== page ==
Whilst discussing the merits of Behaviour Driven Development at one of the XTC gatherings, I started using the term minimal responsible feature as a way to express how to decide what piece of work to tackle next. I promised Liz Keogh many moons ago that I would write a blog post about it.
In the time it has taken me to write this post (its been kicking around in my backlog for a while) I have evolved my thinking on the term and now prefer to use smallest responsible change (SRC).
The smallest responsible name was triggered by looking at the term minimal marketable feature (MMF), considering what that term expressed and the values that I associated with it. I still like the MMF term as a more specific way of expressing a similar concept. With the smallest responsible change I have a term that I am happy to use in a wide range of contexts which helps promote discussion on how to be effective and make value flow.
Smallest responsible change is a nice general expression of how I like to tackle the work I do, so that the work flows more smoothly and I get more done. Creating a very effective way of turning large body of work into a series of value deliveries.
I try where ever to tackle a series of smaller tasks that one big task. This approach tends to earlier feedback from the results of that work.
For example, when writing some new functionality, I will pick out a single piece of behaviour from the requirements (user story, use case) and express that behaviour in a scenario / example (a.k.a acceptance test / unit test). Once the behaviour is defined and implemented by code, I am already getting feedback on the work I am doing. Any feedback from running the behaviour scenarios (a.k.a tests) I receive shapes the next task. If a failing test still fails, I know I need to work on the implementation code. If a passing test now fails, I know I have to look at the code and design and maybe refactor.
What does it mean to be responsible? You ask ten people you will get 10 different answers. This is not surprising as our experiences and feelings about a situation come from a unique history - our life to date.
The decision on what is a responsible action to take is therefore based on our current circumstances and our previous history, with hopefully a good dash of holistic thinking.
To be able to define and select the next most responsible action to take therefore requires you to think about your circumstances and base your actions on achieving value.
For example, if you a person next to you collapsed it may be the most responsible thing to try and give them immediate attention if you had basic first aid training. If you had no first aid training, then a cry for help may be the most responsible thing. If there is no one around, then a call to the emergency services may be the most responsible thing to do.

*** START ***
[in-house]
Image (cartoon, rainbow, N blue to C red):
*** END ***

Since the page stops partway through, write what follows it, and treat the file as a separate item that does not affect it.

In software development, if you submit code that breaks the build and the build bunny shames you, it could be the most responsible thing to roll back you code. It could equally be the most responsible thing to call over some of your team and ask them what is going on (someone may have forgotten to tell you about an API change). It could also be possible that this issue is always happening with the team and you suggest the team get together and find the root cause to the problem.
Change is happening all the time around us and we need to manage and filter all those changes so we can actually move forward (without a break down).
If you consider the way the brain works with the eye, the eye captures a constant stream of change so the brain has to filter out and focus on just what is important. If it were not for this filtering effect our brain would be overwhelmed.
It is important to limit the amount of change we are dealing with at any moment in time, so the changes are experienced at the rate we can acceptance and deal with them. It may be seen as heroic to work 12 hours a day and multi-task like crazy, but that is less likely to deliver significant value to your company than if you work at a pace you can sustain. If we can find a way to filter out changes (tasks) that are of no value at this time, then we can really focus on those few changes that have real value.
Example from a personal development context
If I want to read a book, what is the smallest responsible change I can do. Well, I often define a card on my kanban board to define the value I believe I will get from reading the book and some idea of how to attain and check that I gained that value (or perhaps see if there was anything else I gained). This is the smallest thing I can do and it is probably the most responsible thing to do as well.
Part of this first smallest responsible change may be to decide how to read the book and I have a common approach of reading chapter by chapter and also treating the book as if I were reviewing it for others. So the next smallest responsible change would be to read the first chapter and start to write down my impression of the book and anything important I had learnt.
The feedback from reading the first chapter may be that I think the book has mislead me about the value I would gain and I would therefore abandon reading any further. This feedback would then save me much time in the future, as not only would I skip read the rest of the book but I would have a reason as to why I dont want to try read the book at a later date.
If I tried to do this with several books at the same time, increasing the amount of change I was dealing with, there would be a lot of context switching between the information in each book, even more so if the books were on different topics. I would have to unload and reload different ideas from each book as I switched over. It would be very easy to mix my impressions and feedback from one book with another and hence make an incorrect value judgement.